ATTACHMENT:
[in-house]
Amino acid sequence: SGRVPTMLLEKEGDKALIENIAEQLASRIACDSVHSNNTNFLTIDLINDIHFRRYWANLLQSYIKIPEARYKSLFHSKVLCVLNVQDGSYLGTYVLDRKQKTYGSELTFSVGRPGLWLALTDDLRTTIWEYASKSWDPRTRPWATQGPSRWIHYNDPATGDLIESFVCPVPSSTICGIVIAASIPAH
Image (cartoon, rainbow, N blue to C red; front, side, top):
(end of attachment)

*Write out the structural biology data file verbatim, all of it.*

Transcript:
[in-house]
Amino acid sequence: SGRVPTMLLEKEGDKALIENIAEQLASRIACDSVHSNNTNFLTIDLINDIHFRRYWANLLQSYIKIPEARYKSLFHSKVLCVLNVQDGSYLGTYVLDRKQKTYGSELTFSVGRPGLWLALTDDLRTTIWEYASKSWDPRTRPWATQGPSRWIHYNDPATGDLIESFVCPVPSSTICGIVIAASIPAH
Image (cartoon, rainbow, N blue to C red; front, side, top):